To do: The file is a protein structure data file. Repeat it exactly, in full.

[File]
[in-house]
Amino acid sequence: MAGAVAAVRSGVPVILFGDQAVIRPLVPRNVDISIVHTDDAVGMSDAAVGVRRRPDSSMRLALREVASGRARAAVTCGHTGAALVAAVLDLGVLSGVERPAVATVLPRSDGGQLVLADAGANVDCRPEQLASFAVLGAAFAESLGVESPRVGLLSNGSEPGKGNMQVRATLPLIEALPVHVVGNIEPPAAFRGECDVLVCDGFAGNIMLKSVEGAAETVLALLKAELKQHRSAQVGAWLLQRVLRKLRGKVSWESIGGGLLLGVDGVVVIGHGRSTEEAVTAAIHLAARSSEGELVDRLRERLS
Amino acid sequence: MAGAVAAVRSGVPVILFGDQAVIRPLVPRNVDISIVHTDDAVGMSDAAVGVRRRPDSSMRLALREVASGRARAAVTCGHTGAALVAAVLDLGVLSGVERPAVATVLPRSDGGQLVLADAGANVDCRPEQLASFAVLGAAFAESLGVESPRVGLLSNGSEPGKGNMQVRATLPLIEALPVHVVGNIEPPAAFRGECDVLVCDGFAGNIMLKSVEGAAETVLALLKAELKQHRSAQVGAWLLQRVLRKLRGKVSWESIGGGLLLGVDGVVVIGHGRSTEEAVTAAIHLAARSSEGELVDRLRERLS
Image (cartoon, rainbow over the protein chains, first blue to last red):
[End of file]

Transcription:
[in-house]
Amino acid sequence: MAGAVAAVRSGVPVILFGDQAVIRPLVPRNVDISIVHTDDAVGMSDAAVGVRRRPDSSMRLALREVASGRARAAVTCGHTGAALVAAVLDLGVLSGVERPAVATVLPRSDGGQLVLADAGANVDCRPEQLASFAVLGAAFAESLGVESPRVGLLSNGSEPGKGNMQVRATLPLIEALPVHVVGNIEPPAAFRGECDVLVCDGFAGNIMLKSVEGAAETVLALLKAELKQHRSAQVGAWLLQRVLRKLRGKVSWESIGGGLLLGVDGVVVIGHGRSTEEAVTAAIHLAARSSEGELVDRLRERLS
Amino acid sequence: MAGAVAAVRSGVPVILFGDQAVIRPLVPRNVDISIVHTDDAVGMSDAAVGVRRRPDSSMRLALREVASGRARAAVTCGHTGAALVAAVLDLGVLSGVERPAVATVLPRSDGGQLVLADAGANVDCRPEQLASFAVLGAAFAESLGVESPRVGLLSNGSEPGKGNMQVRATLPLIEALPVHVVGNIEPPAAFRGECDVLVCDGFAGNIMLKSVEGAAETVLALLKAELKQHRSAQVGAWLLQRVLRKLRGKVSWESIGGGLLLGVDGVVVIGHGRSTEEAVTAAIHLAARSSEGELVDRLRERLS
Image (cartoon, rainbow over the protein chains, first blue to last red):